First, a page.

1. Importance of internal alignment

Internalalignment constitutes of pay relationships between particular jobpositions, competencies, or skills in the context of a singleorganization. As such, it is an important factor since it is vitalfor the determination of the pay structure of the organization. Inother words, internal alignment is used to ensure that employees of acompany are compensated as they deserve, enabling the management tobe in a better position of motivating them using the reward system.From this perspective, one can see that internal alignment forms animportant factor in enabling the organizations to meet the pre-setgoals and objectives, by effectively managing the human resources ofthe firm. Indeed, provision of incentives makes workers to becommitted to an organization, over and above being predisposed tobring an added value. In some ways, this code of belief and thoughtdiffers from the story in the bible that Milkovich, Newman,&amp&nbspGerhart, (2014) outline at the beginning of chapter 3.Without a doubt, the explained elements of internal alignment are notsupported by the Christian worldview in that workers ought to becompensated in accordance with their input, or the value added to theorganization. Such involves performance appraisals and monitoring oftheir work input.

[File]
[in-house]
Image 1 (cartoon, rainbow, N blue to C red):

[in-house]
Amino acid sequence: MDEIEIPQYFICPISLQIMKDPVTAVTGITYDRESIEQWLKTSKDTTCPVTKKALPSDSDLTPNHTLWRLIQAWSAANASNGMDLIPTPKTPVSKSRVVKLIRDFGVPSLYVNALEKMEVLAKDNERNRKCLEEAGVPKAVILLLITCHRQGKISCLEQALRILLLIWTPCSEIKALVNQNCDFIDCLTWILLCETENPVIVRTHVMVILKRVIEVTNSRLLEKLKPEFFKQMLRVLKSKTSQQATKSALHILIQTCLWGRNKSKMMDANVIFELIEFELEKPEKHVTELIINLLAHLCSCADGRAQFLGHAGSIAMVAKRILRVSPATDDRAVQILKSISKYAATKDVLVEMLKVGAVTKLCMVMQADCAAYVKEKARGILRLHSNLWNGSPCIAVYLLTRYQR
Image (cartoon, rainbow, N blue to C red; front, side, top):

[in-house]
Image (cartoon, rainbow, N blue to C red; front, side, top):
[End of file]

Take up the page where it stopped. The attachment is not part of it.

1. Factors that influence internal pay structures.

Theseare also referred to as factors that influence internal equity theyinvolve economic factors, organizational factors, and employeeacceptance, or workers’ perceptions of what constitutes anequitable system. To begin with, the factors that are most importantin my opinion include societal norms, the productivity of workers,match between worker qualification and specific job requirements, andthe perceptions of the workforce in terms of what is an equitable paysystem. Other factors include the abundance or shortage of specificskills in the job market, overall output value of a job,organizational culture, and human resource management policies amongothers.

  1. Job analysis. Why many managers say that job analysis is a colossal waste of their time and the time of their employees

Manymanagers are of the opinion that job analysis is a waste of timesince it is a time-consuming endeavor. In truth, however, engagementin job analysis implies that the managers of an organization have aheavier responsibility. On the other hand, managers observe that suchan initiative is likely to make them require more support, and orcooperation from the employees for them to collect accurate job data.They also see it as having disadvantages of involving personalbiases. Even so, such thoughts are only correct if the management hasnot put in place required or desirable methods and tools of jobanalysis such as outsourcing of hiring job analyst experts.


Milkovich,GT,&nbspNewman, JM, &amp&nbspGerhart, B. (2014). Compensation(11th Ed). McGraw-Hill.